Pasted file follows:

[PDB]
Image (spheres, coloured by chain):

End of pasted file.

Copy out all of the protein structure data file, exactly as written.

[PDB]
Image (spheres, coloured by chain):